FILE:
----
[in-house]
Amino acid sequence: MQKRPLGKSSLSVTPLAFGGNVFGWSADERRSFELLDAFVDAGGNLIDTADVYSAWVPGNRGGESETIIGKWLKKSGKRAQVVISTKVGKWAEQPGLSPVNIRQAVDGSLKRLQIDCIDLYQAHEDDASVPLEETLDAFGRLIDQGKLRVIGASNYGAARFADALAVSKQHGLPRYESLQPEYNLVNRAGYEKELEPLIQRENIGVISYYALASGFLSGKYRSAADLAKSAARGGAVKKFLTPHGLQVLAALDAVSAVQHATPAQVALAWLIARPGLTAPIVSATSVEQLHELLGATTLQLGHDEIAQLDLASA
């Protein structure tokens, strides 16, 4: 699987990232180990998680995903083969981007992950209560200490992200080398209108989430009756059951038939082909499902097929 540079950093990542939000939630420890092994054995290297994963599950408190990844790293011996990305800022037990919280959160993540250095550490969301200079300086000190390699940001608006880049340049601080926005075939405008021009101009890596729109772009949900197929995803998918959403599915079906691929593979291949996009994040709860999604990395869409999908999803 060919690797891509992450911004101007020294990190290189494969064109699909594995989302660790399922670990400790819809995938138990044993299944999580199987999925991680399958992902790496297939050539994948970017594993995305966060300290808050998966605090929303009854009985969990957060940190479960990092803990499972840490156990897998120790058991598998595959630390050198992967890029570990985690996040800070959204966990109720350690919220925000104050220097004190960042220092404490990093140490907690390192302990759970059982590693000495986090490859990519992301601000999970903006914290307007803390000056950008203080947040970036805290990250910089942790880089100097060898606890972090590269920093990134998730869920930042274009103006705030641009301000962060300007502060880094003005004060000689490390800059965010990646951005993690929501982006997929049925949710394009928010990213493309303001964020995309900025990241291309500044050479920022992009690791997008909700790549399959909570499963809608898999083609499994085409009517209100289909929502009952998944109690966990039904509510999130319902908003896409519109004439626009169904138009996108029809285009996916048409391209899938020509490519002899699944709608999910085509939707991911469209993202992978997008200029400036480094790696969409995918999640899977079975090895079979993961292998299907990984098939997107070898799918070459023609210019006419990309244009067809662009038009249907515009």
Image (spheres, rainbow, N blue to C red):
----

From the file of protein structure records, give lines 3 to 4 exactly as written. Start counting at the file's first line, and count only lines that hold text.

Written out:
């Protein structure tokens, strides 16, 4: 699987990232180990998680995903083969981007992950209560200490992200080398209108989430009756059951038939082909499902097929 540079950093990542939000939630420890092994054995290297994963599950408190990844790293011996990305800022037990919280959160993540250095550490969301200079300086000190390699940001608006880049340049601080926005075939405008021009101009890596729109772009949900197929995803998918959403599915079906691929593979291949996009994040709860999604990395869409999908999803 060919690797891509992450911004101007020294990190290189494969064109699909594995989302660790399922670990400790819809995938138990044993299944999580199987999925991680399958992902790496297939050539994948970017594993995305966060300290808050998966605090929303009854009985969990957060940190479960990092803990499972840490156990897998120790058991598998595959630390050198992967890029570990985690996040800070959204966990109720350690919220925000104050220097004190960042220092404490990093140490907690390192302990759970059982590693000495986090490859990519992301601000999970903006914290307007803390000056950008203080947040970036805290990250910089942790880089100097060898606890972090590269920093990134998730869920930042274009103006705030641009301000962060300007502060880094003005004060000689490390800059965010990646951005993690929501982006997929049925949710394009928010990213493309303001964020995309900025990241291309500044050479920022992009690791997008909700790549399959909570499963809608898999083609499994085409009517209100289909929502009952998944109690966990039904509510999130319902908003896409519109004439626009169904138009996108029809285009996916048409391209899938020509490519002899699944709608999910085509939707991911469209993202992978997008200029400036480094790696969409995918999640899977079975090895079979993961292998299907990984098939997107070898799918070459023609210019006419990309244009067809662009038009249907515009």
Image (spheres, rainbow, N blue to C red):